Let us adapt slightly, and then adopt the Prayer of Serenity as a humanist lesson. Religion has done great harm and cost many lives throughout history, but that is in the past and we should accept that we cannot change that. However, religion, while declining is still strong, is still causing harm and costing lives and has the capacity to continue to do so for many, many years to come. This is something we can change, and we should resolve to do so. We should work to help everyone see the difference between the two, and this will arm us with the tools we need for change. Not weapons of destruction, but, to quote fellow blogger Ellis14, “the very tools that the religious hate: reason, intellect, freedom, communication”. Let’s start today.


9 Responses to “A Humanist Lesson: The Prayer of Serenity”

  1. I like the longer version of the prayer better…and that’s not just because I don’t like the label cherrypicker! 😉

  2. I would express the “serenity prayer” as, “I will always seek the serenity to accept what I can’t change, the courage to change what can be changed, and the wisdom to understand the difference”.

    It’s a very important lesson, we can’t change the past, and we can’t change the fact that we will die sooner or later, and we can’t change the weather (at least not yet). But we can change ourselves, and we can work to change our society. There is no point in stressing over what might have been, we just need to focus on what CAN be.

  3. Toby: I like your post and you write it well. I’ve responded over here:
    http://nakedpastor.com/archives/874 . Let’s see what happens!

  4. I don’t know if you guys have seen “Seinfeld” in the U.K, but there’s a hilarious episode in which a wound-tight character adopts an abbreviated version of Niebuhr’s slogan. Whenever he feels himself losing mental control, he shouts: “Serenity now! Serenity now!”

    It turns out, not surprisingly, that the phrase doesn’t work.

  5. The Exterminator said:

    I don’t know if you guys have seen “Seinfeld” in the U.K, but there’s a hilarious episode in which a wound-tight character adopts an abbreviated version of Niebuhr’s slogan. Whenever he feels himself losing mental control, he shouts: “Serenity now! Serenity now!”

    That’s hilarious! I’m familiar with Seinfeld, but not that episode. I’m assuming the character was Kramer? I can imagine him saying it, that’s made my day 🙂

  6. Actually, the character was George’s father, Mr. Costanza, played by Jerry Stiller. But it was, indeed, hilarious.

  7. I like this version:

    “Accept with serenity what you cannot change, have the courage to change what you can, and develop the wisdom to know the difference.”

  8. Very well written. I am an atheist. I believe that there are definately good practices within every religion but we need to pick them out and update them by a few hundred (maybe thousand) years. I came to the conclusion as a young boy that prayer works because you are making the changes yourself but I did not know how I could have a daily prayer if I had nobody to ask. Like you I simply change the words around and ask myself to change.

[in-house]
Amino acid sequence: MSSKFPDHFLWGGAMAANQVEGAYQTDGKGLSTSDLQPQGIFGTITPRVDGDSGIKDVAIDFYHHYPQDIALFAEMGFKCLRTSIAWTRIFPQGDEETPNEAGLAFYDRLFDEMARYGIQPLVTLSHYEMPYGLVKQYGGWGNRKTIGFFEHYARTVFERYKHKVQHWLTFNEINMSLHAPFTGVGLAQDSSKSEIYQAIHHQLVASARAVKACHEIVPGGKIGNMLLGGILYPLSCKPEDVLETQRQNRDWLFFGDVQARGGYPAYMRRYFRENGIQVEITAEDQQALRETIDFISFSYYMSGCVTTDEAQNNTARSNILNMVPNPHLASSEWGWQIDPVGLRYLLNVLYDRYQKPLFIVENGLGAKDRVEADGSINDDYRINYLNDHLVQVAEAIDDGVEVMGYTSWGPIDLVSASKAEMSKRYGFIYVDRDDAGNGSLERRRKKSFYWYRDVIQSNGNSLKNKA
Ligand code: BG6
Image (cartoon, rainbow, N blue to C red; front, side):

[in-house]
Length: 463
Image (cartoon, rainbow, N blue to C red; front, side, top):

9. Hi there I believe that reinhold niebuhr started this prayer out using “god” to superficially reach the Christians but then spoke to atheists or those in question and christians who would not understand its interpretation but wanted them to feel included as well. Atheists and those questioning wouldv want to under stand why they felt it so comforting. Well here’s why…in one sense of this conversation is taking place between someone and god, at first, but they are basically asking him to grant them the ability to live without him as it takes acceptance, change, courage and wisdom to go away from God. God would not grant anyone wisdom as all wisdom proves his inexistence. In one interview he confirms Christianity as a necessity if a society can not come up with a platform in which to teach core values. This is why I feel he was so passionate about the separation of church and state, that way schools could teach non religion. But unfortunately it didn’t work out that way as political agendas corrupted the basic format taking out integral psychological and all philosophical and authentic morality theories that equated religious belief as the main source of mental illness. Along with every other content area suggesting the that trying to believe in something that you know is un-true or false (or faith) to have major implications on one’s mental and physical health while also inhibiting ones ability to comprehend science. Thus being complacent with the idea that heaven is the limits of the earth instead of understanding the truth that the universe is limitless.